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  • Writer's pictureBrandon Cassiano

Why Interview Feedback is SO Important for Today's Jobseekers


Contemporary Interview
Interview

Applying for today's jobs is as simple as getting an alert on Indeed or LinkedIn that a job matching your profile and interests has been posted. You then go to said post, and within 5 or so button clicks (sometimes less than even that), your name has been officially submitted for consideration. A positive result of technological and digital innovation if there ever was one. And yet, simple powers of converse and closure seem to evade so many employers.


One of my earliest findings out of college was that, despite the claim to professional status in the communications industry, a large number of experienced and seasoned individuals lack some standard communication skills. Had this phenomenon existed solely in the broadcasting industry, I would've written it off. As it turns out, the problem is far more expansive and concerning.


Most of us jobseekers are all too familiar with the sting of being passed over for a job that we felt we were a good, if not great, fit for. But what stings more deeply is the lingering, and far too often unanswered, question of "Why?" Especially if this "Why?" occurs after we've endured several rounds of interviews and have not only learned extensively about the business we wished to have employed us, but we've also pitched ourselves, our skills, and our experience to the point of exhaustion.


It may not be the easiest thing in the world to swallow one's pride, then thank your interviewers for the opportunity to engage in conversation with them and their colleagues, and then inquire for feedback on what kept you from being that "perfect" candidate. But I'd argue that it takes quite a great capacity for, and practice of, professionalism for us to do it. 


So, when why does it seem impossible for us to get an answer?

Does such an answer truly elude our prospective employers? 


I've often wondered if they can tell us in the very obviously scripted response emails, 

"...we have chosen to proceed with a candidate whose experience aligns more closely with the requirements of this position"

would that not mean they know exactly what about our experience DIDN'T align in such a fashion? 


If someone else was a better fit, then it's because certain elements of their experience or character were noted as being a better fit. And those things were lacked by those who were passed over.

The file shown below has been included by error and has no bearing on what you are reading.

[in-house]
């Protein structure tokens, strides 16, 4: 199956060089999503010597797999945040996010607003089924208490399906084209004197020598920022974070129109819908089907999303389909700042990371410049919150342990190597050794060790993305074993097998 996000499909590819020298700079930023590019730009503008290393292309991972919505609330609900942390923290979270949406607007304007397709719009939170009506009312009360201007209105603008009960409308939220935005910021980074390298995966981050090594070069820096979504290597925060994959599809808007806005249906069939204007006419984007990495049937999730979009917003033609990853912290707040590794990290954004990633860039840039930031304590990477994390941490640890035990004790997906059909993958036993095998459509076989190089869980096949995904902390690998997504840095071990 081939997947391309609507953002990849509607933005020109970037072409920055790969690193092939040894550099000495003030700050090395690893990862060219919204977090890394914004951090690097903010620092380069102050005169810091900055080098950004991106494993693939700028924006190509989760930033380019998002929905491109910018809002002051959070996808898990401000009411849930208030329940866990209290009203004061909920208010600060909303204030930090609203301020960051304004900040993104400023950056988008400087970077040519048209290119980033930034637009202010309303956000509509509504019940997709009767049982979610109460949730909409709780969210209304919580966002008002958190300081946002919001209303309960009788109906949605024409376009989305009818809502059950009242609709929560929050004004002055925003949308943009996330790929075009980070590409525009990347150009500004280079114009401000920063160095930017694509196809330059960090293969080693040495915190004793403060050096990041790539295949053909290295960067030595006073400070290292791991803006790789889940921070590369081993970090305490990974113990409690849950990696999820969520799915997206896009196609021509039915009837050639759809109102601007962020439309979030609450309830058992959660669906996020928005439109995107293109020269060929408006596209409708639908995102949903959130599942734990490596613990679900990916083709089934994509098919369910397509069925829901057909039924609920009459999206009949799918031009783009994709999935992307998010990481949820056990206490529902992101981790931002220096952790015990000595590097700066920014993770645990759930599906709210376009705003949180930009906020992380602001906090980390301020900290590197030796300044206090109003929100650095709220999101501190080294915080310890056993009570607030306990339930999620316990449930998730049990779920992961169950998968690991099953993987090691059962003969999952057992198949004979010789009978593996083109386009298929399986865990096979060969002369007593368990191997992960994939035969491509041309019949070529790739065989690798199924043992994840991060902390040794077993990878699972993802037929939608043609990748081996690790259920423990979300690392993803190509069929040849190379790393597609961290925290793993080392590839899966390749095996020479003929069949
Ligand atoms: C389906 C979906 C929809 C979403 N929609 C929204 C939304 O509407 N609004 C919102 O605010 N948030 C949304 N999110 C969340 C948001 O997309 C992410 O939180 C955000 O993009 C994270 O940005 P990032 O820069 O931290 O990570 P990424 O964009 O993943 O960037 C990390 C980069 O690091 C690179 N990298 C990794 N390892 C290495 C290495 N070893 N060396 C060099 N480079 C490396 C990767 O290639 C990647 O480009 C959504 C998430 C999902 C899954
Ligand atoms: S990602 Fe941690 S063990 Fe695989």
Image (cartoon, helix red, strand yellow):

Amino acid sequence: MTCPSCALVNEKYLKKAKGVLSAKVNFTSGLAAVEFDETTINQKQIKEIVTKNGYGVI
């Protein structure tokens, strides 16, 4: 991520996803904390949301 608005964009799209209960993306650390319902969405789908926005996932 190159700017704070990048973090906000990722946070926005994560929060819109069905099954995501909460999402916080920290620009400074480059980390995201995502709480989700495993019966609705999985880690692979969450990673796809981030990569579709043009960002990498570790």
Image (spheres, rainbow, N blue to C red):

Do employers lack the capability to objectively convey these things? Surely not. It can't be that difficult. 


And yet, we are so often left to fly blind. How else would you describe being told you're not good enough, never told how you're not good enough, but still expected to somehow be good enough to earn a job and make a living? And, ideally, get a job that aligns with your degree, skill set, experience, and passion.


I am the kind of jobseeker who will not only be able to convey how the mission or culture of a prospective employer aligns with my interests and ambitions but also be able to showcase true intrigue and inquisitiveness about who they are and what they're looking for. The number of times I've left everyone in the room smiling and excited is LARGE. And despite even those optimistic moments, I'll receive a "no"...but NEVER a "Why?"


To employers, this may not seem like a topic that they need to be concerned about. After all, they always get what they're looking for... Someone to fill the spot. In trade, however, so many jobseekers only leave baffled. 


How can we then conclude anything beyond the known fact that our time was invested, and then wasted? How can no employer we've spoken with provide any form of worthwhile insight?


I leave these questions to my network, my colleagues, and other young professionals I've yet to meet. 


Give me your thoughts!

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